Married to a Saudi? Be Flexible…

Saudi plastic barbie doll

If you are a foreigner (especially Western) and married to a Saudi, be flexible…very very flexible!  While you may think you have made many great sacrifices by leaving your family and your country to be with your spouse in the Kingdom, don’t expect him to fully appreciate the gesture.  Do not expect any special gratitude from his family either; they will consider that as your role and duty as his wife.

  

If you are a Western wife, you will be expected to be more tolerant on issues than that perhaps of a Saudi wife.  Also as a Western wife, you will be viewed as more capable and independent (whether true or not).  If you are working you are expected to contribute not only to your home and husband but to his extended family as well.  However do not maintain any illusions that the same would hold true if the situation were reversed.

  

You may learn unexpectedly with little to no notice that there may be visitors….lots and lots of visitors.  Do not make an absurd suggestion that they may be more comfortable in a furnished apartment or hotel regardless of how long the visit may be.  Family takes care of family and stays together.  Have no illusions that if you receive a significant number of guests which may exceed 25 in number that there would be a “joint kitty” to help defray associated expenses for extended guests for a long term visit.  In fact, the Saudi custom and culture prides itself strongly on hospitality and face.  No matter how much of a financial burden may be placed on a Saudi man for hosting a large number of extended guests (family) for a period he will never ask for monetary assistance.  If any were to be offered, it would be automatically refused as accepting would be viewed as a loss of face.  The Saudi husband and wife will simply have to “suck it up” and hopefully have planned in advance for such occasions.  (“yeah right” a wife told me speaking under condition her identity not be revealed)

  

The above was candidly shared with me by a western wife who gave her approval to share her experience.  When I asked her what advise she would suggest to other western wives if they were to find themselves in a similar situation and find it difficult to cope, what should they do?  She stressed emphatically that if it bothered a wife significantly then don’t be around to deal with the pressures.  Take advantage of the opportunity and arrange to have your own mini-vacation break somewhere.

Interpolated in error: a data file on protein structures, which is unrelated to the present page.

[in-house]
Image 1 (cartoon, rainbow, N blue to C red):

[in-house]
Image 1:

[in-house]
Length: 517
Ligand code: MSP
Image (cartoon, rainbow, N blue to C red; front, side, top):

But what if you cannot get away?  How can you make the best of an unfamiliar situation?

  

Try suggesting some outings for the women. Presumably the family members will have children so suggest they go to amusement parks and the like. That may give one a break for a few hours. The trick here is not to make them feel like you are pushing them out, but that you been to those places and they should see them before leaving town.

- Organize the women a little on helping you. Again, tricks like telling one of them that you love her recipe for a dish may spur to take over making the meals for that day.

 

- If there are teenage girls recruit them as helpers. Young Saudi girls are fascinated by westerners, they may like getting closer to you.

 

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35 Responses

  1. Thanks for sharing Carol. Personally, none of this would bother me if I were a good cook! Or even semi-good. I never have ideas on what to make. People who ate my food said they liked it, but it was always only one or two people at a time, I have never cooked for five let alone twenty five!! Perhaps my lack of ideas or interest in cooking comes from being single, and I pray I get better if Allah wills that I marry. At the moment I just cannot picture myself cooking for so many (picky) people and leave them satifisfied.
    So I need everyone to make dua for me, smile!!

  2. That is a very positive attitude, Dalia! I think cooking once or twice for 25 would be a good (and possibly pleasant) experience but could not imagine an extended routine as such!

  3. I guess you have stayed in saudi arabia long enough now to notice all that? :)
    well, i myself come from an islamic society (Egypt) but comparing to saudi arabia, it’s a VERY free society.

    i am in saudi arabia on a business trip, it’s been almost a month now, and the things i experienced are truly amazing!!! VERY weird, i’ve seen things i never expected to see.

    The culture here, (though it is arabic and islamic) is different than that in Egypt or other arab\islamic countries i’ve been to.

    Good luck with your life :)
    ps: advice, take a vacation, go to miami,FL or something :) or come to sharm el sheikh egypt if you want to be near the kingdom :)

  4. I agree, once a month or better yet every other month (taking the arab culture into consideration) would be okay with me under the condition I become a better cook!

    Also, I do not mind unannounced guests if it is a group of maximum five people, under the condition that they are okay with being served tea and cookies or a small meal. And I would prefer of course if it is not every day, let’s say once a week is okay. Boy I sound like there could be some trouble in paradise if I married an arab, smile!

  5. It is a tremendous sacrifice to leave your home country and go and live at your spous’s. It is even a greater sacrifice when your spouse’s country is Saudi Araiba!! Many Saudis are having a hard time living in their own country, imagine how hard it would be for a westerner.